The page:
4. Getting married

Same sex unions are not allow under civil law or Syariah law in Malaysia, a country where sodomy is illegal. In 2005, the issues of transgender marriage in Malaysia was brought up when Chinese transgender Jessie Chung married Joshua Beh in Kuching, Sarawak.  Chung was born male, and went through three surgeries to become a woman.  The authorities declared their union invalid, and some Christian groups denounced it.  But the couple went ahead with their ceremony, getting their union blessed by three pastors in front of an audience of 800 people.

5. Festivals banned

Along with the laundry list of legal obstacles facing this community, campaigns and public events featuring the lesbian, gay and transgender communities were recently prohibited.  Seksualiti Merdeka or the Sexuality Independence festival was banned by the police in 2011, because it constituted a ‘threat to public order.’  The festival went ahead in 2008 and 2009, but was stopped in 2011.  Workshops, talks, musical and theatre performances on the diversity of this community were planned to educate the public and celebrate the rights of these groups.

6. Facing problems getting work

We spoke to local NGO Justice for Sisters who pointed out that transgenders are often reduced to details about their sex while their qualifications, capabilities and capacity become irrelevant. This makes it difficult for them to find work. Transgenders also face sexual harassment and sexism at the workplace, including restriction to use toilet that reflects their gender.   The NGO told us that the laws that criminalise transgenders worsens their situation, as employers do not want to risk hiring someone that could possibly be arrested and imprisoned, as that could hurt the brand, image or productivity of the company.

7. Raising a family

Justice for Sisters feel that adoption laws works on the assumption that women are better at child rearing, reinforcing binary gender roles and mythology of maternal instincts and that of the construct of family.  The family structure, despite it changing today, still remains binary and heteronormative. This means that it involves parents of two different genders and children of clearly defined and socially accepted gender or sexual orientation with no disabilities.  These social constructs make it hard for transgenders to be seen as good parents, let alone parents.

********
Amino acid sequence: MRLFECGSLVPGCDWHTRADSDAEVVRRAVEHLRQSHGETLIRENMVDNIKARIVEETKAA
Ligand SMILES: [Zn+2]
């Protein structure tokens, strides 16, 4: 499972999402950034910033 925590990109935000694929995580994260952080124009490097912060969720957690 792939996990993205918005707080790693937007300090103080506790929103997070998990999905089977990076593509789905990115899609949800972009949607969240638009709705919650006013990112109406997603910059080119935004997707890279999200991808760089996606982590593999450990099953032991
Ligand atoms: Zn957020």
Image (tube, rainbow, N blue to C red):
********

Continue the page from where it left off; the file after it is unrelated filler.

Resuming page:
Transgenders are often viewed, due to lack of information and awareness , as immoral and a bad influence to children.  The NGO maintains that transgenders’ desires to reproduce or build a family has nothing to do with gender or cannot be reduced to gender or genitals. People regardless of gender identity have the desire to reproduce and build a family.

To sum up, Justice for Sisters provides these approaches as the way forward for society to understand the community:

a. The government must have meaningful dialogue with the transgender community, immediately stop all arrests and prosecution of transgender persons because of their gender identity.
b. Authorities must repeal laws that criminalise transgender, take all measures to increase access of transgenders in the education, healthcare and employment sectors, and change the attitude of the public services towards transgenders.
c. Non state actors, including the private sector needs to review employment policies and adopting ones that are transgender-friendly, while having a greater role in public education, by organising gender sensitization seminars at workplace.
d. Organising more public discussions regarding gender and social constructs, as well as have more spaces for transgenders to express themselves and be represented.
e. Media needs to increase positive representation of transgenders and not reduce transgenders to genitals and transitioning experiences, and play a greater role in public education.

Image credit: ​Afif Raiezal/The Malaysian Insider